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    That's only true if foreign drivers actually want to come here and work! Considering man of those living and working here could have stayed had they wanted to but chose not to it might not be as simple that.

    The number of drivers lost to Brexit is only about a third of the amount lost to cancelled HGV training and testing due to covid. Doesn't look like we've fixed that problem either.
     
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  5. Benzin

    Benzin TowersStreet Member

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    Given the general "anti-immigrant" rhetoric that was going round I wouldn't want to live here either.

    I don't really want to these days but to emigrate elsewhere would be such a headache now it's just not worth the hassle partner and I would have to go through. Especially her given the disability.
     
  6. GaryH

    GaryH TowersStreet Member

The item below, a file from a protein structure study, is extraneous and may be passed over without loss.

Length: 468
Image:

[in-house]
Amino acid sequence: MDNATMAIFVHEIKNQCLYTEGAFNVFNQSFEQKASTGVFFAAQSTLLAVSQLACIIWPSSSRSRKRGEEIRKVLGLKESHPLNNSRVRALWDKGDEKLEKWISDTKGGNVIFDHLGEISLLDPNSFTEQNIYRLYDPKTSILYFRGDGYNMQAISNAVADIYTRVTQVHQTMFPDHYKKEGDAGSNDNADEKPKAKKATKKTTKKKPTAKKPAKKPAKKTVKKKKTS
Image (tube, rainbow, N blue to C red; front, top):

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    It’s easy to blame all this on Brexit but it’s not all down to Brexit. We have had covid. This has resulted in delays processing applications for HGV drivers, delays in training them, and delays everywhere else in the U.K. due to the pandemic. Brexit is another factor on top I agree but the pandemic has also played a huge part in this.
     
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  7. Rick

    Rick TowersStreet Member

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    The cause is definitely due to the pandemic, with some impact from Brexit.